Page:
Almost There | Dan Rybicky, Aaron Wickenden | USA | 2014 | 93 min
You need to suffer to turn out to be good. It takes you to learn from your suffering. You learn from mistakes. You learn from your past. It’s called fortitude. I am going to suffer for the rest of my life. I accepted that. — Peter Anton
Never were truer words spoken than in the documentary Almost There, which depicts the life of outsider artist, Peter Anton. While certainly not the first film of its kind to take a probing look at outsider artists (In the Realms of the Unreal, Marwencol), Almost There examines the life of a still living subject who is, in essence, a work in progress.
First-time filmmakers, Dan Rybicky and Aaron Wickenden stumble across Peter Anton’s portrait booth during a pierogi festival in East Chicago, Indiana in 2005. They discover that Anton has been documenting his life through pictures and hand written notes, which he keeps in homemade scrapbooks spanning through decades. Their interest is piqued and Anton is desirous for his story to be told so the pair embark on a journey to display Anton’s artwork to the world.
Rust belt America is not a sought out destination for many travelers, and East Chicago, Indiana was hit particularly hard by the loss of manufacturing jobs. The landscape is rife with abandoned properties and shuttered factories. Peter Anton’s home is dilapidated and clearly on the verge of being condemned. What Rybicky and Wickenden find there is astounding. There does seem to be a method to the madness. Amidst the mold and rotting structure of the basement, Anton has kept a series of videotapes, detailed collages, and countless paintings throughout the years. These treasures are in danger of being destroyed as the home crumbles, and soon the documentarians find themselves helping Anton hold his first solo exhibition at the age of 83.
The interplay between the filmmakers and Anton borders on co-dependent. Purists may quibble about the thin line between documenting a subject and becoming the subjects. Anton is elderly, ailing, and has driven away those who have tried to help him. Rybicky includes a parallel narrative involving members of his own family which really only serves to distract from the subject at hand while further entangling himself in an already sticky situation. Up until this point, the storytelling is taut and engaging. Rybicky missteps here as the footage of his family adds little if anything to the film, and the parallel he draws between his situation and Anton’s is flimsy at best. Rybicky clearly has some misgivings about his relationships with his family that are illuminated with his relationship to Anton, but when he tries to confront his personal demons on film, it feels rushed and insincere. While the film does not feel padded, the smooth pace falls off here and the story becomes less interesting.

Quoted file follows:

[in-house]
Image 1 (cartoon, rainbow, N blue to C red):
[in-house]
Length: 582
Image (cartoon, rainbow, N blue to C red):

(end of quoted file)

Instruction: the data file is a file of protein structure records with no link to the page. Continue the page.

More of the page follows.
Almost There asks the viewer to consider compelling questions about humanity and morality, including: to what extent does the past really remain in the past? Without the aid of Rybicky and Wickenden, Anton’s work surely would have been buried under a pile of rotting wood in his decaying home. One could ask, what other secrets would have been buried there? Ethically, this film challenges viewers to examine the duties we have to help those who need assistance and balance the need to reconcile their past sins. I think Almost There does a great job of examining this ambiguity. Viewers are definitely left with issues and ideas to mull over during the end credits. Q&A sessions with the filmmakers are scheduled after both Wisconsin Film Festival screenings.
This film is fascinating and people who appreciate stories about those on the fringes of society will enjoy it. Ultimately, Rybicky and Wickenden were able to tell Anton’s story and did so successfully. Are there some gaps and loose ends? Yes, but not to the detriment of the film. Viewers will take away that suffering refuses to be packaged up with a neat little bow. There are indeed times when people have to be able to sit with ambiguity no matter how uncomfortable it may be. Nothing really is black or white. Peter Anton’s story and perhaps all of our stories can be found in the shades between.